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Intro to Business - Chapter 2
 

Intro to Business - Chapter 2

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    Intro to Business - Chapter 2 Intro to Business - Chapter 2 Presentation Transcript

    •  
    • Lesson 2-1
      • Rate of employment
        • high rate of employment is good sign
      • Rate of business failure
        • low rate of failure is good sign
      • Rate of production or output of our nation
        • Increasing growth is a good sign
      • GDP = total dollar value of all final goods and services produced in our country during one year.
        • Final goods – goods sold directly to consumers. Example: car
      • GDP tells us how the economy is performing
      • GDP Components
      • What consumers spend for food, clothing, housing, and other spending;
      • What businesses spend for buildings, equipment, and supplies; and
      • What government agencies spend to pay employees and to buy supplies.
      • The exports of a country less the imports into the country.
      • Base year - the year chosen to compare an item, such as price, to any other year.
      • Constant dollar GDP = value of gross domestic product after taking out the effect of price changes.
        • (Also called real GDP or GDP in real terms)
      • GDP per capita = GDP ÷ total population
      ÷ GDP Population
      • Employment
        • Labor force consists of all people above age 16 who are actively working or seeking work.
      • Unemployment Rate – portion of people in the labor force who are not working but are looking for work and willing to work.
      • Productivity – production output in relation to a unit of input.
      • How do we increase productivity?
      • Capital resource improvement
      • Improved worker training
      • Improved management techniques
      • Personal income refers to salaries and wages, including investments.
      • Retail Sales – sales of durable and nondurable goods bought by consumers.
      • Indicates level of consumer spending.
      • Main items measured = automobiles, building materials, furniture, gasoline & clothing
    • Lesson 2-2
    • RECOVERY PROSPERITY RECESSION DEPRESSION
      • Most people who want to work are working
      • Businesses produce goods and services in record numbers
      • Wages are good
      • Rate of GDP growth increases
      • Demand for goods and services are high
      • This boom period is the peak of the cycle
      • Economy begins to slow down.
      • Demand begins to decrease
      • businesses lower production of goods and services
      • unemployment begins to rise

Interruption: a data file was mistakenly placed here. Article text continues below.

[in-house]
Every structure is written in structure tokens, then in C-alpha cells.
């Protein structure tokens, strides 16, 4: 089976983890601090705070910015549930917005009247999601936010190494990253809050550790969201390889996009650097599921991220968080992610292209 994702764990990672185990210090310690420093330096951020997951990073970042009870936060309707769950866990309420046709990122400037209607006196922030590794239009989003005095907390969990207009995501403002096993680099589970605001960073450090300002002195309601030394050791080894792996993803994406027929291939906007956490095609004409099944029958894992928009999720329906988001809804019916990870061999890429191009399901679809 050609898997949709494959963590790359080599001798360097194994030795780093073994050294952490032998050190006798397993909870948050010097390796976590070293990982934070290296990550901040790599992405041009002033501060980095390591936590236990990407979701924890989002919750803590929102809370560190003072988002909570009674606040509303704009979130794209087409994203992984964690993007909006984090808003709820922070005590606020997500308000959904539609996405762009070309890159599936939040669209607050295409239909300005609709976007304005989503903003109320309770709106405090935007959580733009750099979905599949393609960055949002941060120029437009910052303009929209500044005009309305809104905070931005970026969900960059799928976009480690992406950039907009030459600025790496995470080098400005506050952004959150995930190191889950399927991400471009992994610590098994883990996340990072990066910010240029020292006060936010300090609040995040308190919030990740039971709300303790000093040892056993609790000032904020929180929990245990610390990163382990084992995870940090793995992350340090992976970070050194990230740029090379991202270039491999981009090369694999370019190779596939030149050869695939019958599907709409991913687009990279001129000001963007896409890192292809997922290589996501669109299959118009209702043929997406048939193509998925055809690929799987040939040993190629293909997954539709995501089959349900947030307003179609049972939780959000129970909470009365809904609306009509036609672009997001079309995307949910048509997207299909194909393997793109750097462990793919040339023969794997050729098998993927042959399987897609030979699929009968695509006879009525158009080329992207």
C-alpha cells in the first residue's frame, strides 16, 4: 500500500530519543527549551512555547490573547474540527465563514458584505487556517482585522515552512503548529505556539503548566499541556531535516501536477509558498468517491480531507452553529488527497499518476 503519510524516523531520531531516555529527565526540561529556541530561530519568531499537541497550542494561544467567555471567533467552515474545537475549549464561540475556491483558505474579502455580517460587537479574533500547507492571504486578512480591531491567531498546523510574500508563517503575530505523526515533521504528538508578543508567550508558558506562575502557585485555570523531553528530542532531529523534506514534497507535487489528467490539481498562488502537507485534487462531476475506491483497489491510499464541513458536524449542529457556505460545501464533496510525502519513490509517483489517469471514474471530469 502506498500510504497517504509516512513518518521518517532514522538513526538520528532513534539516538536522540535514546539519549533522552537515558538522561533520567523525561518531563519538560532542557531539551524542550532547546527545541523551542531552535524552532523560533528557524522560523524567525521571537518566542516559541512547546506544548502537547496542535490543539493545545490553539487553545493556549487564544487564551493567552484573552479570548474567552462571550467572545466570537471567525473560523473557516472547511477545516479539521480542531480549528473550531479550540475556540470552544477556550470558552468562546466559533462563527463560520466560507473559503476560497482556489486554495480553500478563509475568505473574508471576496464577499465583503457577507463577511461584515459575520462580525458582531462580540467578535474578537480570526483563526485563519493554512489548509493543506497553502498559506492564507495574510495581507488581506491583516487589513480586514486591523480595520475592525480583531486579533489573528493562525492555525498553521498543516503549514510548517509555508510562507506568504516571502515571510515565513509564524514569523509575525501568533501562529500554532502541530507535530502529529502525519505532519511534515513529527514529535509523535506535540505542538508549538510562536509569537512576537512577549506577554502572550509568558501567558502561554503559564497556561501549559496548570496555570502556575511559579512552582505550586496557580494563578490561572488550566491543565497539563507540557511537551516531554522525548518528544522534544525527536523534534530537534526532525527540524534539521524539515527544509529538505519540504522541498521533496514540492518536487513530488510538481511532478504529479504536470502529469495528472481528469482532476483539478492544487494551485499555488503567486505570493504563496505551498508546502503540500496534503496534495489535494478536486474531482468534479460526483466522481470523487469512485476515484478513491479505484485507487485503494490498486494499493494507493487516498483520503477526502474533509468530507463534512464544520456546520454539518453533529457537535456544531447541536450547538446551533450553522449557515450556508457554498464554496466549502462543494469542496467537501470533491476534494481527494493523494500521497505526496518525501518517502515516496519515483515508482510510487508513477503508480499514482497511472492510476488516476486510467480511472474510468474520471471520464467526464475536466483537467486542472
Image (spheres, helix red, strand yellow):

• GDP growth slows for two or more quarters
      • Phase marked by a prolonged period of high unemployment
      • weak sales of goods and services
      • businesses begin to fail
      • GDP falls rapidly during depression.
      • Unemployment begins to decrease
      • Demand for goods and services increases
      • GDP begins to rise again.
      • People gain employment
      • Consumers regain confidence
      • Inflation - sustained increase in the general level of prices.
      • Deflation - decrease in the general level of prices. Occurs usually in periods of recession and depression. Prices are lower, but people have less money to buy them.
      • “ To maintain or increase our existing standard of living and to prevent unemployment from rising, we must increase our economic growth continuously. Economic growth is important because it provides jobs and enables people to better meet their needs and wants.”
      • Introduction to Business Textbook
    • Lesson 2-3
      • Personal Savings
        • Major source of investment funds
        • Savings rate of a country important for economic growth
      • The Stock Market
        • Stock = ownership in a corporation
      • The Bond Market
        • Bond = debt for an organization
        • Creditor = somebody who loans money
        • If you purchase a bond, you loan the corporation money which will be repaid with interest.
      • Government Debt
        • Government uses borrowed funds for major projects
        • Budget Surplus = government spends less than it takes in. (Money left over)
        • Budget Deficit = government spends more than it takes in. (Debt)
        • National Debt =amount owed by federal government
      • Business Debt
        • Loans, bonds, and mortgages are methods used by businesses
      • Consumer Debt
        • Credit cards, auto loans, home mortgages
    •